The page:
The St. John Valley Chamber of Commerce welcomed Sharon Boucher as the new Chamber director to replace outgoing director Jenn Collin at the end of September. Boucher is no stranger to the Valley. As a Madawaska native, Boucher left in 1990 and began working at the Greater Bangor Chamber of Commerce. She worked at the Chamber for seven years where she ended her time there at the peak of acting president. 

Julie Rayder’s kitchen is not only used to feed her family of five, it also doubles as a work space for making soap. Rayder, owner of Nutritious Skin, started making natural, dye-free soap from local ingredients 4 ½ years ago after taking an interest at craft fairs. In the last four years, Rayder has worked at perfecting her art of soap making, has become an administrator for an international Facebook group, and still produces her own YouTube videos for a shared channel with 9,000 subscribers about different soap-making techniques including her innovative screen lift swirl where she uses a screen to create her designs. 

Larry Murphy of Fort Kent Masonic Lodge 209 helps scrape old shingles from the roof of the Fort Kent Public Library on Friday, Sept. 27. (Jessica Potila | SJVT)

The Fort Kent Public Library has a new roof thanks to the volunteer efforts of Masonic Lodge No. 209, employees of 4D Carpentry and community members who contributed to the library’s capital fundraiser campaign. The library’s volunteer board of trustees kicked off the capital campaign in February with the hopes of raising $20,000 locally. A $1,500 donation from the Masons as well as the in-kind donations of free roofing labor helped the fundraiser to surpass the $20,000 goal.

The General Service Administration issued a notice Oct. 4 that informed of its decision to go with Alternative C for the Madawaska International Bridge, which requires the acquisition of the current McDonald’s property — uprooting the fast food franchise. Officials with the Maine and New Brunswick transportation agencies, engineering consultants and other representatives from U.S. and Canadian agencies unveiled plans in January to build the new bridge extending from the existing bridge’s location in Edmundston and ending about 1,300 feet up the St. John River from the existing port of entry in Madawaska.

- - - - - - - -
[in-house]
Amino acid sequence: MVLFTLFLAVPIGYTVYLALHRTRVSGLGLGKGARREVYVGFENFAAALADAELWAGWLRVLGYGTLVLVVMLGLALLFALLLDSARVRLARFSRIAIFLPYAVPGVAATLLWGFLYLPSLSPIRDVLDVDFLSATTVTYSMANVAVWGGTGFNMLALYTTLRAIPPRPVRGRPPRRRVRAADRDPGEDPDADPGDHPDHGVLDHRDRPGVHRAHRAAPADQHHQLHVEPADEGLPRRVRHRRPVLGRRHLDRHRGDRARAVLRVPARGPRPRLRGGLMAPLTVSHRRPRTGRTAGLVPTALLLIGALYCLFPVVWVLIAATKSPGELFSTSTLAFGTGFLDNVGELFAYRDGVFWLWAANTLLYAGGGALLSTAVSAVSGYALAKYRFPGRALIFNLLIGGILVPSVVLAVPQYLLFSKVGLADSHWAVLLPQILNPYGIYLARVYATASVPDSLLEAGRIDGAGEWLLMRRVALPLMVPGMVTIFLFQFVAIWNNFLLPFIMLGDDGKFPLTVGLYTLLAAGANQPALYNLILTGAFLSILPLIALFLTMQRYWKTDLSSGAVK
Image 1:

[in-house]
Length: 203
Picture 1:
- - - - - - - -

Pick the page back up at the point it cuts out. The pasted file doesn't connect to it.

Madawaska has a new restaurant in town after the St. John Chamber of Commerce held a ribbon cutting ceremony on Oct. 26 at Route 1 BBQ at the Gateway Motel. While the restaurant is attached to the motel, the separate entrance leads patrons to a large dining area where they can sit and enjoy the eatery’s specialty smoked Memphis-style ribs, pulled pork and soon-to-come brisket.

A master plan to upgrade facilities at the University of Maine at Fort Kent campus is well underway following a bond initiative Maine voters passed last year to modernize facilities at the seven public university campuses. University officials have been meeting regularly with architects from Oak Point Associates of Biddeford, who are tasked with designing a nearly 6,000-square foot Enrollment and Advancement Center — the first phase of major construction projects at the university. The center will be the face of the university on Pleasant Street in Fort Kent once completed. The building will house the university admissions office, development office, communications office and enrollment manager. 


Cornhole has returned to the Valley with a semi-permanent home at Route 1 BBQ in Madawaska. Economic Development Director Keith Cyr said he and Recreation Department Director Sam Cyr were approached by a few citizens in the fall asking if there was a way to continue the pastime in the winter months. Shortly after Sam Cyr was hired, the town reached out to Route 1 BBQ where the restaurant has enough space inside to accommodate the game. Last week was the first week the restaurant hosted the game and about 10 people showed up to play. The event is free to the public and will be held every Wednesday from 6 to 8 p.m.

Jessica Libby of Mapleton took over the popular Aroostook County business, Plourde’s Donuts, which her grandmother Christy Plourde began operating more than half a century ago. Plourde, 84, still has the receipt from the fryer and buckets she purchased in October 1965 from her own aunt, Isabel Bouchard, who used to make the doughnuts from her home on Market Street in Fort Kent before moving to Massachusetts. Libby will make the doughnuts at her new home business in Mapleton, Lil J’s Kitchen.

The Greater Fort Kent Area Chamber of Commerce held its 39th annual Arts and Crafts Fair. Nearly 120 crafters participated in the fair, which Chamber executive director Dona Saucier said brought in more than 2,000 people, with 1,362 attending on Saturday, breaking the fair’s single-day attendance record.